Today at noon, Kristin boarded a plane for Montreal, where she will meet up with her Me to We group, and fly off to Nairobi, Kenya (via Zurich). Free the Children -- the charity partner of Me to We -- was founded in 1995 by 12-year old Craig Keilberger to fight against child labour. Today, Free the Children is the world's largest network of "children helping children" through education.
Kristin will arrive in Nairobi on May 12 (it's a long trip), and the following day they will be heading hundreds of kilometres west to the community of Enelerai.
For the next 16 days, the group will be very busy building a school, going on a water walk with a local Mama, learning about local social issues in the Maasai area, beading with Mamas, playing with local children, going on sunrise hikes, learning Swahili, planting trees, going on a safari, listening to Maasai warriors tell their stories around the campfire, and getting traditional weapons training from the Maasai warriors.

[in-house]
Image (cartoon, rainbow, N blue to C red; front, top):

Free the Children's "Adopt-a-Village" program is based on four pillars for community development: water, health, education, and alternative income. They have been operating in Kenya since 1999, and are now actively involved in outreach and development in many Maasai and Kipsigis communities.
- 26% of Kenyan children aged five to 14 are working in child labour.
- Almost 30% of Kenyans live in extreme poverty on less than $1 a day.
- One-quarter of all Kenyan girls under the age of 15 are married.
- Although mosquito nets could reduce the spread of malaria by 50%, only 15% of Kenyan children under the age of five sleeps under a mosquito net.